12 months prior to the 2011 Youth Risk Behavior Surveillance Survey, 16.2% of students had been electronically bullied, including being bullied through e-mail, chat rooms, instant messaging, websites, or texting (U.S. Department of Health & Human Services, 2011).
69% of teen social media users think that peers are mostly kind to each other on social media site, 20% say that peers are mostly unkind, and 11% think that “it depends” (Pew Research Internet Project, 2011).
88% of social media-using teens have witnessed other people being mean or cruel on social networking sites (Pew Research Internet Project, 2011).
15% of social media-using teens say they have been the target of online meanness (Pew Research Internet Project, 2011).
65% of teens social media users have had an experience on a social networking site that made them feel good about themselves and 58% have felt closer to another person because of an experience on social media (Pew Research Internet Project, 2011).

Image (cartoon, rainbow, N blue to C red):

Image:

41% of teens who use social media say they have experienced at least one of the negative outcomes we asked about (Pew Research Internet Project, 2011):
19% of teens have been bullied in the past year in some form (Pew Research Internet Project, 2011):
95% of teen social media users who have witnessed cruel behavior on social media sites say they have seen others ignore the mean behavior (55% report witnessing this “frequently”), while 84% have seen people defend the person being harassed (27% report witnessing this “frequently”), and 84% have seen others tell someone to stop (20% report witnessing this “frequently”) (Pew Research Internet Project, 2011).